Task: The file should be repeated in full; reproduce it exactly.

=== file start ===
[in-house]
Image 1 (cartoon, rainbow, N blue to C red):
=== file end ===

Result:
[in-house]
Image 1 (cartoon, rainbow, N blue to C red):